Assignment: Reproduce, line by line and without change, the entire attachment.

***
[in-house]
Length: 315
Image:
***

[in-house]
Length: 315
Image: